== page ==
Mark Weinberg (judge)

Mark Samuel Weinberg AO QC (born 13 May 1948[2]) was a judge of the Court of Appeal of the Supreme Court of Victoria from July 2008 to May 2018. He is a former judge of the Federal Court of Australia who served from July 1998 to July 2008.[3][4]

The Honourable Justice

Mark Weinberg

Judge of the Court of Appeal, Supreme Court of Victoria
In office
22 July 2008 (2008-07-22)  9 May 2018 (2018-05-09)
Judge of the Federal Court of Australia
In office
15 July 1998 (1998-07-15)  19 July 2008 (2008-07-19)
Commonwealth Director of Public Prosecutions
In office
1988 (1988)  December 1991 (1991-12)
Preceded byIan Temby
Succeeded byMichael Rozenes
Personal details
Mark Samuel Weinberg

(1948-05-13) May 13, 1948
Trelleborg, Sweden[1]
Alma mater
OccupationAcademic, barrister, jurist

Early life

Weinberg was born in Sweden and lived in the United States until the age of 10, when he and his family moved to Melbourne. He attended Melbourne High School and later graduated with a Bachelor of Arts and Bachelor of Laws (First Class Honours) from Monash University. He was awarded the Supreme Court Prize in 1970, the year he graduated. In 1972 he received the Vinerian Scholarship for top graduate of the Bachelor of Civil Law from the University of Oxford.[5] In 1975 he was called to the Victorian Bar.


From 1984 to 1985, Weinberg was dean of the Faculty of Law at the University of Melbourne, having previously served as acting dean and deputy dean.[2]

In 1986, Weinberg was appointed Queen's Counsel. From 1988 until 1991, he was Commonwealth Director of Public Prosecutions.[6]

After being appointed to the Federal Court in 1998, Weinberg also held appointments as deputy president of the Federal Police Disciplinary Tribunal, non-resident judge of the Supreme Court of Fiji, additional judge of the Supreme Court of the Australian Capital Territory and chief justice of the Supreme Court of Norfolk Island.[7] He resigned from the Federal Court and his other appointments in 2008 in order to take up office as a judge of the Court of Appeal of the Supreme Court of Victoria.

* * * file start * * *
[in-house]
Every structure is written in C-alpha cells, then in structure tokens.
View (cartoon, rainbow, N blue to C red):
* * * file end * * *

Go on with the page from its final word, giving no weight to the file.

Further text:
In 2017, Weinberg was appointed an Officer of the Order of Australia for distinguished service to the judiciary and to the law, particularly through reforms to criminal law and procedure, to legal education in Victoria and to the administration of justice in Fiji and Norfolk Island.[8]


On 9 May 2018, Weinberg retired from the Court of Appeal of the Supreme Court of Victoria after 10 years of service.[9] He continues to hear cases as a reserve Judge of Appeal. In 2018 he presided over the jury trial of Dimitrious Gargasoulas, the perpetrator of the January 2017 Melbourne car attack which killed six and injured 27. In February 2019 he sentenced Gargasoulas to life in prison and a non-parole period of 46 years.[10] In August 2019, Weinberg was one of three judges who heard Cardinal George Pell's appeal of his child sex abuse convictions. He was the sole dissenter from the court's majority opinion which upheld the convictions, stating he believed there was a "significant possibility" that Pell did not commit the crimes and that he was not convinced by the complainant's evidence.[11]


  2. "The Hon Justice Mark Samuel Weinberg". Who's Who in Australia. Australian Associated Press. 2017.
  3. "Former Judges of the Federal Court of Australia". Federal Court of Australia. Australian Government. Retrieved 4 April 2012.
  4. "Judges: Current Supreme Court judges". Supreme Court of Victoria. Australia: Government of Victoria. Archived from the original on 1 March 2015. Retrieved 30 July 2016.
  5. "Justice Mark Weinberg AO". Monash University. Retrieved 27 October 2019.
  6. "The Hon Mark Samuel Weinberg". Federal Court of Australia. Australian Government. Retrieved 4 April 2012.
  7. "Law Oration 2016". Victoria Law Foundation. 21 July 2016. Retrieved 30 July 2016.
  8. "Officer (AO) in the General Division of the Order of Australia" (PDF). Australia Day 2017 Honours List. Governor-General of Australia. 26 January 2017. Archived from the original (PDF) on 19 March 2018. Retrieved 27 January 2017.
  10. "Bourke Street killer James Gargasoulas jailed for life over massacre". 22 February 2019. Retrieved 27 October 2019.
  11. Cooper, Adam (21 August 2019). "Why Justice Mark Weinberg believed George Pell should go free". The Age. Retrieved 27 October 2019.
Legal offices
Preceded by
Ian Temby
Commonwealth Director of Public Prosecutions
Succeeded by
Michael Rozenes
This article is issued from Wikipedia. The text is licensed under Creative Commons - Attribution - Sharealike. Additional terms may apply for the media files.